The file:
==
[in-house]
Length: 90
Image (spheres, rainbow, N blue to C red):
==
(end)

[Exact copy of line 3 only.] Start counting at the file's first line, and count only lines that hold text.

Image (spheres, rainbow, N blue to C red):